The only book with notation, in this case Znamenny, comes from the end of the 12th century-beginning of the 13th. From the end of the 12th century to the beginning of the 15th century there survive eight complete and fragmentary Russian Paraklitiki and two Serbian fragments without notation. Apart from the books dedicated entirely to the order of the Octoechos cycle, hymns from this cycle with notation may be found in other books.
There are known cases of sequences of hymns from the Octoechos in Kontakaria,29 which have even led scholars to believe that the second parts of these books fulfilled the function of the Octoechos during this period. The idea behind such a book is clearly seen in its name: Sbornik Collection. The second group, more recent than the books organized by genre, is made up of books organized according to the daily liturgical sequence. The majority of surviving books is made up of Menaia.
Puti vo vremeni. In accordance with the Studite rule, on the Sundays during this period the stichera of the Octoechos were sung, with the exception of great feasts. In the liturgical practice of old Russia, these ancient type of Menaion coexisted with complete Menaia, which contains the hymns for all the days of each month of the year, and is therefore made up of twelve volumes.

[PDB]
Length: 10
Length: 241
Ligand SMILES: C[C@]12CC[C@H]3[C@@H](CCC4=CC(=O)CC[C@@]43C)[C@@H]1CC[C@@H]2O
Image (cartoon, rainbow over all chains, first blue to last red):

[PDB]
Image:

Each of the multiple surviving separate volumes was conceived as part of a set. In recent years, scholars have revealed three partially complete sets of Menaia. All of them come from Novgorod, one of the most important cities, both politically and culturally, in ancient Russia, that suffered least from the Tartar invasion. To the second group belong five Menaia, without notation, from the 11thth centuries, from the Tipograf Collection Tip. They have Znamenny notation and include, as well as the stichera, the troparia for the notated canons.